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agreement to sort of faa safety standards, including barbados, cur saw, st. maarten, should safety requirements be required, especially in indonesia, where their airline industry is growing by leaps and bounds, should they be required to tell passengers or make them aware of issue issues that might exist? >> they should, but we have to remember, i looked at the article you looked at, it's troubling, problematic, you look at the safety record, of course, a burgeoning economy and based on that there's more flying, but notwithstanding the fact that the flying record is poor, this is still very rare. i think they said 1 in a million passengers versus 1 in 25 million in the united states and other jurs diisdictionjurisdict likelihood of this happening -- >> of course, the other thing, international travelers are used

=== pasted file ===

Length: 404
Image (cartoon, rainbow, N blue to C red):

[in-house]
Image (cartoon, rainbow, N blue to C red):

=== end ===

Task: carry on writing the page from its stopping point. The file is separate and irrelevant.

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to confronting third world conditions. >> i've been to that region, jumped on a lot of airlines, i'm surprised i'm sitting here today. >> harrowing trip on a bus, as a matter of fact, she forced them to stop the bus and get off, so would they have an alternative even if they knew there was a bad safety record, in most third world countries they would not. why haven't they signed the montreal convention, which would guarantee a minimum of $174,000? >> premiums are much more expensive also for indonesian airlines according to that article. thinking about all of this, do you think it's important for the -- do lawsuits provide the kind of information that improve ultimately airline safety? is that one of the benefits? >> that's the issue, because lawsuits are not only about the monetary recovery, it's about what can we do to make things better, to make things different, to improve safety regulations, and, obviously, as